Women Professionals – NOW is the Time to Get Ahead in Your Career!
While the future of professionals in general looks bright, the women professionals seem to be at high risk of being globally displaced due to this skill gap
7 of the 10 fastest growing jobs in India (according to LinkedIn) and 5 of the 10 fastest growing careers in the US (Bureau of Labor Statistics, US) are in areas which either didn’t exist at all or existed only in university labs 15 years ago. For instance, jobs like a Data Scientist, Machine Learning Engineer, Solar Photovoltaic installers and Wind turbine technicians were almost non-existent
The next industrial revolution is going to be driven by soft skills, data, climate/energy/resource challenges and the cheap and ubiquitous availability of computing capacity. This revolution will induce a massive skill-gap. Professionals and graduates alike will need to quickly understand the urgency of picking up the latest industry-relevant skills to be on top of their game.
There’s every reason however for professionals to be excited about the future because some exciting opportunities lie in wait. Over 70per cent of Indian Companies will adopt AI Solutions before 2020 and close to 2,00,000 analytics jobs will be created by 2020.
While the future of professionals in general looks bright, the women professionals seem to be at high risk of being globally displaced due to this skill gap.
Let’s find out what is happening on a global scale and what can be done to solve this conundrum.
The High Risk Alert: What do the Alarm Bells Signify?
Based on an IMF study, 180 million jobs for women (across 30 countries) are at high risk of being displaced globally due to new technologies like automation; which means the overall participation of women in the global workforce is going to decrease significantly. In India, 3 out of 4 women do not work (just 25per cent participation), and women’s labour force participation has fallen alarmingly from 36per cent to 25per cent in the last decade. What’s puzzling about these facts is that they stand in contrast with graduation rates and school performance, where women continue to do well.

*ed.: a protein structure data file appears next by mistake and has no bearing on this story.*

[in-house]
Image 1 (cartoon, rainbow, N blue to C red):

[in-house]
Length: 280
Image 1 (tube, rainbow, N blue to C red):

As per the Routine Task Intensity (RTI) index in the IMF Report, women conduct more routine tasks than men; which indicates that our education system is training people (particularly women) for an outdated industry. The RTI index, on average, is 13 per cent higher for women professionals across 30 countries.
Also, women professionals perform fewer tasks requiring analytical and interpersonal skills and more tasks which are characterized by greater repetitiveness. What this implies is that women are at a higher risk and are more exposed to automation than men.
But automation is just one part of the problem. Women continue to face problems such as gender-pay parity, issues related to maternity leaves and more. As you can see below, India ranks shockingly low in terms of the gender-pay parity on a global scale.
Source: Business Today
What then is the solution required to solve this problem? There is one…which is “upskilling”.
Staying Ahead of the Curve
Women professionals can rise up to the challenge by picking up the most trending and in-demand skills, and of course, adopting the practice of continuous learning.
This is precisely where assessment and training partners can step in and empower the women of our country. By assessing the women professionals and helping them upskill and reskill through our industry-certifications & course programs for businesses, we hope to enable women to be ready for the roles of the future.
Also, while upskilling is a crucial aspect, it needs to be supported by governmental and corporate initiatives, and incentives around disseminating skills for women starting at the school level. A large-scale program at the national level championed by the Central Government can really help the cause and help improve women’s participation in our workforce. In addition, encouraging entrepreneurship among senior and experienced women by setting up incubation centres will go a long way towards giving women the belief needed to succeed.
Lastly, ecosystem-level support structures through mandating schemes like crèches, work from home policies and mentorship programs can help women professionals immensely.
The future looks bright
All in all, the future is full of exciting opportunities for working women. However, women graduate and professionals must take the initiative to upskill, companies must extend a hand of support by promoting upskilling initiatives and training centres for their existing workforce and the government should provide policy and ecosystem level support to eliminate constraints women face in joining and staying on in the workforce.
In the hope that the women professionals in our country get inspired, as Ayn Rand famously quoted:
“The question isn’t who is going to let me; it’s who is going to stop me.”